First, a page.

Got any other great library building resources? Or have you been part of a building project at some point in your career? Share your advice and thoughts in the comments!
27/02/2014 § 5 Comments
Skype interviews are my favorite! Lo and behold my supplement to Brianna Marshall’s exceptional Phone Interview Strategies. The genesis of this post is when I presented a paper via Skype at the Graduate History Forum at UNC Charlotte in April 2013. It was a great experience! I’ve been Skyping ever since.
Talking on the phone can disorient me because I like to see people’s nonverbal cues and adjust my own communication accordingly. On the other hand, in-person interviews are strenuous situations in which your every move and word will be scrutinized and your ability to navigate unfamiliar physical and social spaces will be tested. But as fewer employers can afford to fly candidates around, Skype is displacing F2F interviews at all stages of candidacy. (So no pressure!)
With Skyping, you need not worry about traffic, handshakes, hard chairs, or what to order for lunch. Skype interviews place you in control of your environment and performance to a significant degree—and this is pressure of the productive sort.
My advice for acing your Skype interviews? Approach the entire process as if you were producing and performing a pivotal scene from a play or film.
06/12/2013 § 1 Comment
One of my courses this semester (Community Informatics) required a sizable amount of “service learning” (for those who don’t know, service learning is basically community service/volunteering activities that are incorporated into a course). When I mentioned the extensive, unpaid time commitment that the service learning represented to a friend of mine, he balked: “So they’re basically making you volunteer? That’s crazy. Plus it can’t really be considered volunteering if they make you do it…” This got me thinking about the various pro’s and con’s of service learning, a course component that seems to be more and more prevalent these days. For those who have a service learning component in an upcoming course or who are interested in designing their own service learning experience, here are some pros and cons (as I see it) of service learning:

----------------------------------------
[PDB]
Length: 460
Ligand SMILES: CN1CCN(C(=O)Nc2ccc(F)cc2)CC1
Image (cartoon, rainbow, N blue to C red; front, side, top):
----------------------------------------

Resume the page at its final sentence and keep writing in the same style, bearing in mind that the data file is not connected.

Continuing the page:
- Con: Service learning is time-consuming. This semester I had to commit to 4 hours a week of volunteering at a library or computer lab. While this doesn’t seem like much, I also work 20 hours a week, take classes full time, am an officer for a student group, and contribute to this blog (love you guys!). Not to mention I live in the same town as my family, and am thus often committed outside of school/work. Therefore, I do not often initially relish seeing a service learning requirement on a syllabus. A service learning component can also require an initial time commitment to scout out a site, go through an orientation, and set up training (depending on what you’re doing). There’s also the transportation time, field notes time (as you often can’t jot down info until after your shift), and reflection time (as service learning usually involves reflection writing assignments).
- Con/Pro: Service learning is hard work. Whether it’s explaining to a senior citizen how to log in to a computer, open a browser, and log in to their email for the 100th time (ok, so it hasn’t happened 100 times, but sometimes it feels like it) or building custom-made wooden computer stations in your professor’s workshop (see below), service learning will challenge you in a variety of ways.
16/10/2013 § 15 Comments
“Job search prep” has been on my To Do list since mid-summer. I’m an aspiring academic librarian graduating in May and I know that the job hunt can be a very long and involved process. I’ve been updating my resume and keeping track of job ads that interest me in an attempt to prepare ahead of time. But now as fall whips by, “prep” is looking more and more like actual searching. I have Rafiki’s words from The Lion King echoing in my head as motivation: “It is time!”
There are so many resources available for job-seekers and, as with most things on the web, the volume can be pretty overwhelming. My aim here is to round up some of the tools and resources I’m utilizing so far, and to open the floor for more tips and sharing.
1. An RSS Reader. I did not fully appreciated the power of an RSS reader until I began to look at job adds. Essentially, RSS (rich site summary) readers allow you to aggregate “feeds” of content from various websites. So, instead of obsessively checking every site that posts jobs, you can check your RSS reader for new content in one place. I’m currently using Digg, which a friend recommended to me, and I think it’s clean and easy to use. There are, of course, lots of other options out there.
This page has information on library job sites. Try your regional ALA chapter and library school sites as well. Unfortunately, not every job site offers their content as an RSS feed, but it’s a great place to start.